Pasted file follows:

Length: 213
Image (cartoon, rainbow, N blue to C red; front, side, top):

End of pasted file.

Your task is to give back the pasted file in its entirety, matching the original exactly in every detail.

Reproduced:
Length: 213
Image (cartoon, rainbow, N blue to C red; front, side, top):